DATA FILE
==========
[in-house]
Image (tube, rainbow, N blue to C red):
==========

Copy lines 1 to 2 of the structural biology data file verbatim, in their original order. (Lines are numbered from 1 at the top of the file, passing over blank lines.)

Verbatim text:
[in-house]
Image (tube, rainbow, N blue to C red):